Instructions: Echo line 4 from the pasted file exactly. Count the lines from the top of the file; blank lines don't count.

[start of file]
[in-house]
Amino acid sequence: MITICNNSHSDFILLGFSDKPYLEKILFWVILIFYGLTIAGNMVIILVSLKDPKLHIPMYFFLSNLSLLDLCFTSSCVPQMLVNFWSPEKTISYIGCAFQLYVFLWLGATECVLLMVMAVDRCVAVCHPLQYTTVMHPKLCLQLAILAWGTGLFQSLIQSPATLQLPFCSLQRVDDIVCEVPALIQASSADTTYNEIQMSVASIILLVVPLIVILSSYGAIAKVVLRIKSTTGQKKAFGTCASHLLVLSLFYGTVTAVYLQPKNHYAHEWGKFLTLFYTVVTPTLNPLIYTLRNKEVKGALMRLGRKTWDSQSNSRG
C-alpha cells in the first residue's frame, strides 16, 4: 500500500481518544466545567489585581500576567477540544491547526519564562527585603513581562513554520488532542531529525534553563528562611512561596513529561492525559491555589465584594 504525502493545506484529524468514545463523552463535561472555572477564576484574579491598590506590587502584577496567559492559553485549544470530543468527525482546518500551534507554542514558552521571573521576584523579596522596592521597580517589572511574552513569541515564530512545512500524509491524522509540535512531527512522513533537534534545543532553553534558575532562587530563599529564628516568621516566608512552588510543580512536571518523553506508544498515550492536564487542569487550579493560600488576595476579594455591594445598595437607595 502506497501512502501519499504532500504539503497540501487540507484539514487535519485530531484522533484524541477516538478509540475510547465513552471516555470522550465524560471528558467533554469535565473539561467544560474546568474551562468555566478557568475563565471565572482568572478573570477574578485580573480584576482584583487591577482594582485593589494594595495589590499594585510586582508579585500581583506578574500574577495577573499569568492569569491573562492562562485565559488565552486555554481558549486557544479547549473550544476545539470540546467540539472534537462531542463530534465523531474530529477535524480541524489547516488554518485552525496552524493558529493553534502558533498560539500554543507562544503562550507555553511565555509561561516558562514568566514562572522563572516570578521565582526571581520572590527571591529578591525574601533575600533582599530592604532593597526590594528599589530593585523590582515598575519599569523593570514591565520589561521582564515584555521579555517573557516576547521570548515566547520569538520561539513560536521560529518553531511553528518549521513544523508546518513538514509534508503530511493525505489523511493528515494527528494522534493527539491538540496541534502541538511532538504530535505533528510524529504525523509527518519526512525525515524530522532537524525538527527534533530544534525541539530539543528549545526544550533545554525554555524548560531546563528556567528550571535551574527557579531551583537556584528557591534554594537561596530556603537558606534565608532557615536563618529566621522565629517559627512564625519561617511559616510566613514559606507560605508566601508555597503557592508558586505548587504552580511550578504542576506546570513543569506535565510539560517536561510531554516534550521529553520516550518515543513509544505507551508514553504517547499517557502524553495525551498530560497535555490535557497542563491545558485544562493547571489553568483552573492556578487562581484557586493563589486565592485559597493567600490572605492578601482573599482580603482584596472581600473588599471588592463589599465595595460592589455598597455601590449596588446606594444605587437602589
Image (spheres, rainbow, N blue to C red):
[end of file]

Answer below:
Image (spheres, rainbow, N blue to C red):